Check out the Video Lab Podcast’s episode on this film!
As a film centering around a person losing their hearing, “Sound of Metal” spends a large amount of time drawing beautiful contrast between the value of both noise and silence. Audio in the film sounds crisp, deliberate, and purposeful. Whether its simple scenes showing main character Ruben interacting with others, him staring out a window, brushing his teeth, or the sounds of nature around him, the traumatic experience of sudden hearing loss focuses the audience to these things. The camera lens itself feels honed and intentional in moments of silence, sharpening the dichotomy of the two senses.
The film’s title itself is cleverly loaded with several meaningful layers through this noise paradigm. Ruben is a metal drummer and it is the deafening sound of metal music which he loses his hearing to; When he’s deaf, Ruben can feel the rhythmic vibrations of metal as he taps his hands on it at a school for deaf children; and its the wrenching metallic sound he hears when his cochlear implant gives him the ability to hear the busyness of the world again.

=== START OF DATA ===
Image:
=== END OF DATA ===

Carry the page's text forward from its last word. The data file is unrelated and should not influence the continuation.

“Sound of Metal” dwells on the big questions of purpose within Ruben’s journey. Ruben finds belonging and companionship within a deaf community he integrates with. Perhaps the best moment of the film is a heartbreaking scene when Rueben tells the leader of this community, Joe, that he received a cochlear implant. “I wonder, all these mornings you’ve been sitting. Have you had any moments of stillness? For me, those moments of stillness are the kingdom of god.”
It’s in this scene that Ruben asks for money so that he may chase after the life he had before becoming deaf. Joe notes that Ruben is acting like the drug addict he used to be. It is this expanded metaphor where the film is exceptional. Recreational drugs, for the most part, are taken to get to a desired state of consciousness—to escape the present because of the perception that it is undesirable. Ruben establishes a pleasant, simple, and happy life in the deaf community, but abandons it to chase the feeling that his previous life was really what he was living for, and that it is only that path which he can make something of himself with.
Upon reuniting with his girlfriend, Lou, he finally realizes his way of perceiving the world is irrevocably altered, and they are on different paths. In a fantastic extended shot, we see Ruben bombarded by this awful metallic static of the busy noise of Paris being fed into his cochlear implant. And when he switches the implants off, he is in pure distilled bliss—a beautiful silence in which he can finally absorb his surroundings and be at peace.
Loaded with deep symbolism surrounding a novel story, and a cinematic foray into the little explored world of the deaf community, “Sound of Metal” is a beautiful film whose praise is well earned.